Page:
CBDS Special Single Cell Seminar: “Computational Approaches for CRISPR/Cas9-based Single-cell Lineage Tracing to Study the Drivers of Metastasis and Dynamics of Tumor Evolution” -Matthew Jones, PhD Candidate
Recent advances in CRISPR/Cas9-based engineering and massively parallel single-cell sequencing have enabled the profiling of single-cell lineages. However, the rapid increase in the complexity of the data has outpaced our ability to accurately infer phylogenetic relationships. To address this, we developed Cassiopeia - an end-to-end pipeline for reconstructing phylogenies from these single-cell lineage tracing assays. I will first introduce the Cassiopeia algorithms which address the scale and nuance of this data by utilizing perfect phylogeny-based heuristics and Steiner Tree optimization. Then, I will demonstrate Cassiopeia's improved performance over traditional algorithms on both simulated trees and the largest and most complex dataset to date -- 34,557 human cells undergoing continuous CRISPR/Cas9 lineage tracing over 21 days in vitro. Next, I will share two vignettes that demonstrate how we can use these high-resolution phylogenies to study evolutionary aspects of cancer. First, I will discuss how we applied Cassiopeia and this technology to investigate the rates, routes, and drivers of metastasis in a mouse model of non-small-cell lung cancer (NSCLC). Next, I will share ongoing work in which we are studying the dynamics and determinants of tumor evolution from a single transformed cell in a genetic model of NSCLC. In both cases, we show that integrating our rich phylogenies with scRNA-seq information grants us novel insights into these well-studied problems. Cassiopeia and all related computational tools are publicly available on Github at https://github.com/YosefLab/Cassiopeia.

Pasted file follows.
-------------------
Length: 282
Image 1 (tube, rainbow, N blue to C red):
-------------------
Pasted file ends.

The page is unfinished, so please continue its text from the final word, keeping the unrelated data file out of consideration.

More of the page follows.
Matthew Jones is a Ph.D. Candidate at the University of California, San Francisco working in the labs of Jonathan Weissman (UCSF / MIT) and Nir Yosef (UC Berkeley). He holds a degree in Computer Science from UC Berkeley. Currently, his work focuses on developing algorithms for single-cell lineage tracing technologies and using these approaches to learn new biology about non-small-cell lung cancer tumor development and metastatic behavior. Previously, he has worked on developing computational tools for analyzing high-dimensional single-cell RNA-seq assays and simulating complex population genetic events. Recently, he spent time as a research intern at Google Health where he created deep learning models to predict patient disease risk with Electronic Health Record data. He is currently a UCSF Discovery Fellow.
Lab name: Weissman & Yosef Labs
UC Berkeley / UCSF / MITMatthew JonesPhD Candidate